Braided sleeve composite shafts are produced and their torsional behavior is investigated. The braided sleeves are slid over an Al tube to create very strong and rigid tubular form shafts and they are in the form of 2/2 twill biaxial fiber fabric that has been woven into a continuous sleeve. Carbon and glass fibers braided sleeves are used for the fabrication of the composite shafts. VARTM (vacuum assisted resin transfer molding) and Vacuum Bagging are the two different types of manufacturing methods used in the study. Torsional behaviors of the shafts are investigated experimentally in terms of fabrication methods and various composite materials parameters such as fiber types, layer thickness, and ply angles. Comparing the two methods in terms of the torque forces and strain angles, the shafts producing entirely carbon fiber show the highest torque capacities; however, considering the cost and performance criteria, the hybrid shaft made up of carbon and glass fibers is the optimum solution for average demanded properties. Additionally, FE (finite element) model of the shafts was created and analyzed by using ANSYS workbench environment. Results of finite element analysis are compared with the values of twisting angle and torque obtained by experimental tests.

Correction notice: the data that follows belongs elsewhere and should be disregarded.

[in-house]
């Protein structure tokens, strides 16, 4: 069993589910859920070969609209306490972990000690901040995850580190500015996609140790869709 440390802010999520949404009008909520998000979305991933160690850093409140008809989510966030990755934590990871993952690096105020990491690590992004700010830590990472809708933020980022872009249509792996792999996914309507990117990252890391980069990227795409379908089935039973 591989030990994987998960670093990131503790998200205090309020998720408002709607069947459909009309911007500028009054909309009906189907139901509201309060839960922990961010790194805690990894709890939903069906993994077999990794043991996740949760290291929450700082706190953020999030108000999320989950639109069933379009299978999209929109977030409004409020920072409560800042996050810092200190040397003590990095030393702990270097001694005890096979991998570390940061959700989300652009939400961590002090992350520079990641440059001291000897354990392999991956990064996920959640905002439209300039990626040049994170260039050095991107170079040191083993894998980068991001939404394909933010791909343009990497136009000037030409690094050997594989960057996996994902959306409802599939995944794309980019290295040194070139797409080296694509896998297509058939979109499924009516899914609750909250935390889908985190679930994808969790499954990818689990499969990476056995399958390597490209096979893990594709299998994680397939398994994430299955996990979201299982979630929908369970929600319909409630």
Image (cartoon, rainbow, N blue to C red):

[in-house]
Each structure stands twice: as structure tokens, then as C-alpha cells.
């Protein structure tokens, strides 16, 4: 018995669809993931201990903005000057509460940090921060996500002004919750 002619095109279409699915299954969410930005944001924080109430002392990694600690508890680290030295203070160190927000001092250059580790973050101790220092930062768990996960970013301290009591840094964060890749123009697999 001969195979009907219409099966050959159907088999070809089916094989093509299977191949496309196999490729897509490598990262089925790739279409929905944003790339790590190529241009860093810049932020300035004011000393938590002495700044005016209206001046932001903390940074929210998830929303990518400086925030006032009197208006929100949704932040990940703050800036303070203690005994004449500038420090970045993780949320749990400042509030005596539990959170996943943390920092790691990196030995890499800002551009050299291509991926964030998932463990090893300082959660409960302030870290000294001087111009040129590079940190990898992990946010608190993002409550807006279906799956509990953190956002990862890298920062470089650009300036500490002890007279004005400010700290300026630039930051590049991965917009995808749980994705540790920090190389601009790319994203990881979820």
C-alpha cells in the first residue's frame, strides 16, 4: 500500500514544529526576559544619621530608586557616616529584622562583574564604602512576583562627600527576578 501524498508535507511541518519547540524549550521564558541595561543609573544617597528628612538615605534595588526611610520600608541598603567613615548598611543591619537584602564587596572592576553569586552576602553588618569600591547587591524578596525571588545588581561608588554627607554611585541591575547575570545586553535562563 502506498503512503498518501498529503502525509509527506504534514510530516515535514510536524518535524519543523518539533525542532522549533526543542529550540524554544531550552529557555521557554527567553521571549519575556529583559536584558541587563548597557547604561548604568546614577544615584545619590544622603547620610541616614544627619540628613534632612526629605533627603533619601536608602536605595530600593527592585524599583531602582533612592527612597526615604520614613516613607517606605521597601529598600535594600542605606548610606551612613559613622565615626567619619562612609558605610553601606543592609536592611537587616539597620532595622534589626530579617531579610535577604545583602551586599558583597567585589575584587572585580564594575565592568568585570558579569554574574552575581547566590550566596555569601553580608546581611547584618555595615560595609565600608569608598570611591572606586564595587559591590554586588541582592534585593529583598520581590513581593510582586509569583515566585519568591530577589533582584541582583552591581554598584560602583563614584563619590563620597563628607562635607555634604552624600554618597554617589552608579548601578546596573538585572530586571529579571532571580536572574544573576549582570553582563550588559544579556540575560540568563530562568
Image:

Advances in Materials Science and Engineering
Taşdelen, Mehmet Emin; Keleştemur, Mehmet Halidun; and Şevkat, Ercan, "Torsional Behaviour and Finite Element Analysis of the Hybrid Laminated Composite Shafts: Comparison of VARTM with Vacuum Bagging Manufacturing Method" (2016). Faculty Publications - Mechanical Engineering. 102.